Stanley Miller, primordial soup and the origin of life

Today we celebrate the birthday of Stanley Lloyd Miller (7 March 1930 – 2 May 2007), the American chemist and biologist known for his experiments into the origin of life.

The most famous of his experiments was the so-called ‘Miller-Urey experiment’, where he and his research partner Harold Urey showed that it was possible, using simple chemical and physical processes, to create organic compounds from inorganic substances. This was considered a logical explanation of how organic life could have started on an planet made up of inorganic chemicals.

In my minds eye I've always imagined primordial soup as a rather ominous-looking pond of bubbling and steaming chemical liquid, very much like the thermal geysers at Rotorua, New Zealand. (© All Rights Reserved)
In my minds eye I’ve always imagined primordial soup as a rather ominous-looking pond of bubbling and steaming chemical liquid, very much like the thermal geysers at Rotorua, New Zealand.
(© All Rights Reserved)

The famous Miller-Urey experiment, conducted in 1952 at the University of Chicago, tried to recreate the conditions existing on the early Earth before organic life existed. The experiment combined a number of chemical compounds – water, methane, ammonia and hydrogen – sealed in an connected loop of glass tubes and flasks. The first flask, containing the chemical mix, was heated to cause evaporation, and the gas was allowed to flow into a second flask where sparks (simulating lightning) were fired between electrodes installed in the flask. The ‘electrocuted gas’ was then cooled again in a subsequent flask, and the condensed liquid was allowed to trickle back into the first flask. This cycle was continued over an extended period.

After about a day, the chemical liquid was reported to turn pink, and after about 2 weeks of operation, Miller and Urey found that some of the carbon in the system had turned into organic compounds. By this stage the mixture included amino acids, sugars, bio-molecules and hydrocarbons.

The Miller-Urey experiments showed, quite compellingly, that simple organic compounds – building blocks for proteins and other organic macromolecules – could be created from basic chemical compounds with the addition of heat and electricity.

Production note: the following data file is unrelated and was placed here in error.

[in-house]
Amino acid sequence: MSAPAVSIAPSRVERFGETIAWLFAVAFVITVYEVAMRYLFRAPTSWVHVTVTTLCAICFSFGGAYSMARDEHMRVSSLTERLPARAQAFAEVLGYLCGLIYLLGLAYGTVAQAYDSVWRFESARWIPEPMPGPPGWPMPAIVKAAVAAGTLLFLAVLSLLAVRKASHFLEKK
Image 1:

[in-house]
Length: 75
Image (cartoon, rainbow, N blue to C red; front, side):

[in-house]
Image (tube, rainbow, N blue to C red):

The spontaneously created brew of life-yielding organic compounds support the ‘primordial soup’ theory first proposed by Soviet biologist Alexander Oparin in 1924. Very simply stated, the theory suggests that the early Earth’s atmosphere, exposed to various forms of energy, produced simple organic compounds, which accumulated as a ‘soup’ in various locations, and through further transformations, more complex organic polymers were formed, leading ultimately to the formation of water-based organic life forms.

Creating sparks on Static Electricity Day

Today we celebrate Static Electricity Day – a day for some serious electricity fun.

Work up some static electricity (a balloon rubbed against cloth is a great source) and use it to get your hair to stand on end. Rub your feet on a carpet and generate some sparks between you and the person next to you. Cut small pieces of paper, rub a plastic ruler on your hair, and see the paper pieces magically fly into the air as it gets attracted to the electrically charged ruler.

Making paper pieces fly - the magic of static electricity.(© All Rights Reserved)
Making paper pieces fly – the magic of static electricity.
(© All Rights Reserved)

So how does it work? As two surfaces rub against each other, electrons are exchanged, moving from one surface to the other. The resultant mismatch of electrons means that the one object will have a negative charge, while the other will be positively charged. Doing this repeatedly (e.g. rapidly rubbing feet on a carpet, or a balloon on a cloth) can result in the build-up of a fairly large charge. If you have a significant positive or negative charge in your body, and you touch a metal object, the static electricity is rapidly discharged, creating a tingle, or even a small spark.

Of course static electricity is not all about fun and games. In industry, positive and negative charges are useful in applications such as spray painting and dust removal. Printers also use static electrical charges to attract ink or toner to paper.

Some of the most impressive, and dangerous, examples of static electricity in everyday life occur during an electrical storm, when huge electrical charges lead to the development of lightning – instant discharges of many thousands of volts – definitely not something to play with.

Here’s hoping you’ll have a great, positively charged Static Electricity Day – go on, create some sparks!